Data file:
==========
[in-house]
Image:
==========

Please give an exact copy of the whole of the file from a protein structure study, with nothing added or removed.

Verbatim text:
[in-house]
Image: